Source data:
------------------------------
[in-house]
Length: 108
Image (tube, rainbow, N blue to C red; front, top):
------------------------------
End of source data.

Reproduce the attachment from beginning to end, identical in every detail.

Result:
[in-house]
Length: 108
Image (tube, rainbow, N blue to C red; front, top):